The next few slides were data that highlighted the amount of time this population of students spent in and out of hospitals, and discussing the time, cost and the priority that school would have in this kind of situation.

Some of the takeaways from this data indicated that the sample was predominantly a white, education population again.  These children with special health needs were spending significant times in the hospital.  Fortunately, student performance in their virtual school courses from this sample performed at consistent levels.

The third phase, which moved to more qualitative data, focused on seven adolescents who were identified as children with special health needs.  All seven were male and five were white.  All seven were on medicaid.  Five were identified as being from high poverty situations.

Some of the findings…

  • 1 student completed the course
  • 1 students withdrew to return to traditional school environment (he became healthy and wanted to return to the traditional environment)
    • these two students were the two that did not come from the high poverty households)
  • 1 students was withdrawn due to academic/cognitive ability
  • 4 students were unable to start coursework due to registration issues (parents and school of record)

The main takeaway was that “Support structure is critical. None of our students in poverty were able to complete. 4 of the 5 were not able to get started.”

I’m sure if Erik and Tiffany have things to add, they should feel free to correct or modify anything I’m written.

Attending Sessions At The Virtual School Symposium 2010

Over the weekend I posted the entry listing the Research Sessions At The Virtual School Symposium.  I apologize that I haven’t been able to blog many of these sessions, as the wireless in the keynote rooms was basically useless – and yesterday I was involved in three of the five break-out sessions.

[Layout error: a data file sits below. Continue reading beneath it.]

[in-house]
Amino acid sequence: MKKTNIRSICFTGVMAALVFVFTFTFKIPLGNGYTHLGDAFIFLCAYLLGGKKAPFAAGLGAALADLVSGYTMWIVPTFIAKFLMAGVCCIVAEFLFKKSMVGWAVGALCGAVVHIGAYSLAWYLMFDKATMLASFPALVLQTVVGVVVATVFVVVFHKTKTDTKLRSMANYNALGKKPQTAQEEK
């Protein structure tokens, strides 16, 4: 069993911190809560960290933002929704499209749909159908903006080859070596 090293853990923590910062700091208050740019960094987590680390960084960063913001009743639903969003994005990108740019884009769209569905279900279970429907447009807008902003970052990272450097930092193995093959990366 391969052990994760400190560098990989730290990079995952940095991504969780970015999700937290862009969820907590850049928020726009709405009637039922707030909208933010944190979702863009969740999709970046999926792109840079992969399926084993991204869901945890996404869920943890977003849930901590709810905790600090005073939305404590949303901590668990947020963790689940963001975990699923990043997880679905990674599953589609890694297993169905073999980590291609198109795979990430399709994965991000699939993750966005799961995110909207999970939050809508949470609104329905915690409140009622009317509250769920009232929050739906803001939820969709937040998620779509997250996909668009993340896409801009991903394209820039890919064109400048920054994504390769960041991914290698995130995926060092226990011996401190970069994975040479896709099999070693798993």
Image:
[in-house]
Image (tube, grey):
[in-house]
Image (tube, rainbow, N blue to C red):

To begin today, I wanted to highlight the sessions that I participated in yesterday (which was one of the reasons I wanted blogging).

9:30 – 10:30 am Breakout Session #1

  • Examining Issues of Working with At-Risk Learners in Online Environments – Cathy Cavanaugh, Daryl Diamond, Leanna Archambault & Michael Barbour
    To better understand how online programs are dealing with students who have been identified as at-risk, the iNACOL Research Committee gathered a sampling of K-12 online schools currently working with at-risk student populations to examine specific strategies as well as delivery and design methods used to assist at-risk student populations. This session will bring together a panel of authors to share and discuss key findings from “An Exploration of At-Risk Learners and Online Education.”

10:45 – 11:45 am Breakout Session #2

  • State of the Nation: K-12 online learning in Canada – Michael Barbour
    This panel will examine the state of K-12 online learning in Canada based on the 2010 edition of this on-going report. More specifically the panel will describe the policies that govern and the level of activity of virtual schooling in all thirteen provinces and territories. The panel will also discuss the various models that have developed and are currently in use across the country. Finally, the panel will outline some of the many issues that are still facing K-12 online learning in Canada.